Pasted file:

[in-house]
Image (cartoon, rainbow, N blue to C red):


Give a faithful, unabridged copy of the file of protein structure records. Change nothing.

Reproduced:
[in-house]
Image (cartoon, rainbow, N blue to C red):